Paying to get an album recorded, mixed and mastered, but not planning tour dates, release dates and strategic promotion through radio stations, magazines, mailing list updates and social media promotion will lose you sales and mean that your recording, far from being an investment, has been a huge waste of time and resources. The way to avoid this is to decide on the kind of release you want (single, EP etc) and write a list of all the small tasks you’ll need to do to complete it. Then plot those into a monthly overview, showing which things you need to complete for every week for the next three, six or 12 months. That way you can see clearly how long you’ll need to get things done and you can set aside enough time to do the necessary research in order to promote the work you’re releasing in the lead-up to that final date.

3) Staying in and practising all day and nothing else
Learning how to play an instrument takes time and effort and it’s really important that you practise regularly. However, staying in your room and practising to the wall does not a successful music artist make. You need to network with people, get out to gigs and generally get yourself known as ‘that great keyboard player’ or ‘amazing singer’ that people want to work with. Try going to venues that people have recommended to see another artist play and check out if it would be right for your music too. While you’re there, talk to the promoter about what you need to do to get a gig. And if you need some new photos for your site, you could ask the photographer who was taking photos of the band whether they would be available to do a shoot for your next gig. Making yourself known to other musicians helps you to support and be supported by a network of people, which will enhance your own career.

4) Avoiding using social media because you’d rather be ‘mysterious’ instead
This used to be a viable tactic. Back in the days before social media, there was a way in which you could work towards getting a record deal and have the record company do all of the promotional work for you. You could remain a mysterious artist putting out great music but not revealing much about your life. [I personally used to love this approach! Check out an old photo of mine – I was totally into moody photos where I hid myself altogether…]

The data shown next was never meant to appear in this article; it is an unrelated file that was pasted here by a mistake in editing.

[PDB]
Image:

Unfortunately, that just won’t cut it anymore. If you aren’t directly interacting with your fans, you can’t build the kind of following that will get you noticed by companies willing to do some of your promotion and distribution. You have to make it possible for fans to interact with you, so that they can do some of the promotional work for you! If you have a great fan page where your fans comment on the regular posts you make, that is a relationship that can not only lead to gig attendance and sales, but to further industry interest. Just post once a day about competitions for your fans, or ask which of two new demos your fans would most like to see finished first. If people are being asked to give their opinion about something, they are far more likely to follow-up to find out the result and even buy the EP or album that you’re about to release.

5) Not defining your brand
If you are randomly posting on social media or interact anywhere however, with no kind of plan of what to talk about – you could be damaging your potential for building a fanbase. What do you represent to your fans?

Artists who only post sporadically don’t build up a sense of loyalty with their listeners. If you simply look at the kind of music you’re making and the message behind it, you can get an idea of what kind of person listens to your music. Is it dark, edgy, angry songs about break-ups? Then post about the latest arthouse film you watched about a couple who broke up and how great the acting was in the scenes where they’re yelling at each other. Use social media to have a conversation with your fans about the things that define the brand and purpose of your own music.